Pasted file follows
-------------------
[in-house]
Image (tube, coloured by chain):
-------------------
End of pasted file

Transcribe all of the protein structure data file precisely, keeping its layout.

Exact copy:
[in-house]
Image (tube, coloured by chain):